The emotions of awe and wonder in Debbie Friedman’s songs are integral to Judaism. As we learn from the biblical Miriam, Judaism encourages us to experience awe on a regular basis, through prayer and study, as well as in everyday life. Debbie Friedman’s music has helped us engage with prayer with a sense of awe. Her music is an important part of our spiritual experience during Tefillah (prayer), and speaks to the joys and sorrows of the Jewish people.

Rabbi Abraham Joshua Heschel, the “Shabbat Badge” in the BMitzvah curriculum, and one of the most influential Jewish theologians of the 20th century, taught that awe is essential to a healthy spiritual life. He wrote, "awe is the beginning of religion" and taught us that it is necessary to cultivate a sense of awe in order to appreciate the grandeur of the universe and the mystery of life. Heschel argued that awe could help us to develop a sense of humility and wonder before the Divine, and that it could lead us to a deeper understanding of our relationships with each other and the world. He believed that awe was a key component of spiritual growth, and that it could lead to a renewal of faith and a transformation of the soul.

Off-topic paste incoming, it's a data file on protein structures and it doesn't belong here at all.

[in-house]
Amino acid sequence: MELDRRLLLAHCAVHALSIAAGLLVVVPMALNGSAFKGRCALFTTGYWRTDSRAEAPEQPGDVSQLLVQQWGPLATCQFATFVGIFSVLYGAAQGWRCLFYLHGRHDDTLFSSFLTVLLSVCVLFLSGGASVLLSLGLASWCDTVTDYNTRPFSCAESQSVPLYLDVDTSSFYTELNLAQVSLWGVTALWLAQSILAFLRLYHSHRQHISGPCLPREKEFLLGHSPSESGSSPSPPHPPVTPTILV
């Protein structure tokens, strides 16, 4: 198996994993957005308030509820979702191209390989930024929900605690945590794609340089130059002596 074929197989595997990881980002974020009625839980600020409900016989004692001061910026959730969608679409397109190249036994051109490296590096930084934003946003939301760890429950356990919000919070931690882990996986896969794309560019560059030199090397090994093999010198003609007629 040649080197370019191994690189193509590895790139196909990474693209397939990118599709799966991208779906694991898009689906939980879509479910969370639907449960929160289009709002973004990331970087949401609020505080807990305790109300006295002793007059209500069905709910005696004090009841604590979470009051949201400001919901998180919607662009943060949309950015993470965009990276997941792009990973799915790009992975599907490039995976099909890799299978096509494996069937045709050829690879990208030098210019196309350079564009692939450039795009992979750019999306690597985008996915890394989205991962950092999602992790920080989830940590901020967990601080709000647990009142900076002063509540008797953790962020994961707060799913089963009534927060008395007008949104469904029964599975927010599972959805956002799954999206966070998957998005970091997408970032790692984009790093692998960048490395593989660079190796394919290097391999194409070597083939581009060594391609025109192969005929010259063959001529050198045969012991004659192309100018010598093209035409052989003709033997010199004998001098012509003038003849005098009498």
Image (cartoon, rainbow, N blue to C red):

In his book “G-d in Search of Man”, Heschel writes, “The meaning of awe is to realize that life takes place under wide horizons, horizons that range beyond the span of an individual life or even the life of a nation, a generation, or an era. Awe enables us to perceive in the world intimations of the Divine, to sense in small things the beginning of infinite significance, to sense the ultimate in the common and the simple; to feel in the rush of the passing the stillness of the eternal.”

We were in awe of Naomi’s awe-some presentation about Debbie Friedman z”l and can’t wait to learn from her about Heschel, as well as other Jewish inspiring characters as she continues her quest for the 7 badges in her Journey towards becoming a Bat-Mitzvah. Yasher Koach to Naomi Birutti for achieving her first B-Mitzvah badge! And thank you to her teachers for helping her achieve this moment!

President Steve Martin

Dear Friends,
Happy New Year! I hope you were able to get some down time over the holidays and enjoy time with your loved ones. As we begin the New Year, I wanted to give you a quick update on a few key issues at the PJC.